The emotional journey of Harry, Ron and Hermione, as well as several of the other characters, plays out as the battle races toward its conclusion. There will be painful reassessments, the resolution of budding romances, and, mostly, a maturity as the trio has together learned how to deal with the impact of death on their lives. There's really no point in reiterating the intricacies of the plot beyond that simple summary (and if you haven't been around for the previous seven movies are you really all that interested anyway?). Both seasoned viewers and the curious will find lots of familiar fantasy blockbuster set pieces herebattle scenes, chase sequences, cliffhangers, etc.
One of the particular pleasures in this final film for the millions of faithful fans is seeing the old locations and minor cast members return (alongside the leads)it's like a pleasurable family or high school reunion. We get to go back into Gringotts, the mysterious goblin bank; spend more timejust about all in factback at Hogwarts itself (although the wear and tear from the final battle on the school is fearsome); and, best, get screen time with old favorites like Maggie Smith, Julie Walters, Matthew Lewis and Alan Rickman. There are even glimpses of Emma Thompson, out actor Miriam Margoyles and others (although I didn't catch sight of either Imelda Staunton or Zoe Wanamaker).
As this decade of Harry Potter cinematic experiences wraps, I find myself in a bit of a nostalgic funk and yearning for more. Rowling understood this dual reaction and provided her readers with a coda that takes place 19 years after the conclusion of the battlesomething HP8 replicates. It is with this epilogue that I must report my one real twinge of regret when it comes to this last movie and the series itself.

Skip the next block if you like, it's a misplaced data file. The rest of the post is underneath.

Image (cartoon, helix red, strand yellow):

As we watch Harry & Co. putting their own kids on the train for Hogwarts, it was nice to see how everyone had paired up so neatly and produced such darling little sprites. However, as my eyes scanned the platform and the magical train, taking in the emotional goodbyes, I realized with a start that something was missing. Where were the gay characters? You mean not even that blond cretin Draco Malfoywho screamed gay through the entire seriesturned out not to be a poofta? Really?! All this fuzzy, feel-good wizardry and wonderment and fine talk about heroes and courage and not one gay character other than the dead Dumbledore (whose proclivities were not announced during the movies but in interviews Rowling gave after the fact)? Not one? Nineteen years later and not one? What gives?
So, as I have done hundreds of times when watching movies that I love (and a lot that I don't) I mentally rewrote what I was seeing on the screen at the conclusion of HP8. I imagined queer characters that weren't immediately apparent mixing right in with their heterosexual doppelgangers. In my mind, then, that little golden orb with its inscription, "I open at the close" wasn't the last of the secrets left to be uncovered in the realm of Harry Potter's world and I eagerly await further revelations. They will be magical and fantastic and breathtakingand gay as a goose. I guarantee you.